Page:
The more you cook, the more you will cook.
We're travelling by car in New Zealand and staying in hostels most of the time.
As much as I've talked about being an introvert, I've preferred hostels to our Australian campervan experience.
I'd never stayed in hostels before, so its been quite fun doing it with our family of four. We are all having fun having other people to talk to. Our fellow travelers are interesting as are the people managing the hostels.
It really struck me the other day how much people were cooking. Not just throwing sauce on pasta, although that is a good option for a long travel day. They often cook good healthy meals from whatever country they are from. Hardly anyone is American, most often they are German, Dutch, French or from various Asian countries.
I was really impressed!
Individual travelers, pairs, and groups were making nice, healthy meals while far away from home.
A group of French trampers (hikers) made a big meal one night, then used the leftovers to make soup the next night. A small group of adult family members from Malaysia made typical fare from their country using heaps of cruciferous vegetables.
Improving your eating habits happens in stages.
Eating healthier can seem overwhelming.
Cooking food at home is much healthier than eating out and is a great first step.
Food cooked at home tends to have less salt and fat and portions are usually smaller. Even healthy restaurants have bigger portions and more salt.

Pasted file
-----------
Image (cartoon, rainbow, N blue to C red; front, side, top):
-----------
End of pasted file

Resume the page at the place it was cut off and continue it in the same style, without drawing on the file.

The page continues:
Cooking once, eating twice is also a timesaver.
Make enough for two meals, or use part of the meal for your next. Cooked veggies can be used in an omelet or burrito the next day. Roasted meats can be used in a soup the next day.
Cooking at home is also a big money savers.
You can even buy higher quality and organic ingredients for less than you would spend in restaurants.
Once you get into the habit of eating at home, menu planning can save you even more time and money.
Some people have a weekly routine, cooking a certain type of food on a particular night of the week. An example would be bigger meal on a Sunday, maybe even doubling the recipe and freezing the extra meal, making a soup on Monday, mexican night on Tuesday, homemade pizza on Wednesday night, etc.
There are also some good meal planning services on the internet. I've used Real Meal Plans in the past. I like them because you can set the number of people you're feeding and your particular dietary requirements, vegetarian, gluten free, etc.
The most impressive was two young french trampers at a hut in the wilderness that had brought their very nice home cooked meal with them for dinner!
How often do you cook? Do you have any tips to make cooking at home easier?
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Hi, I’m Crystal!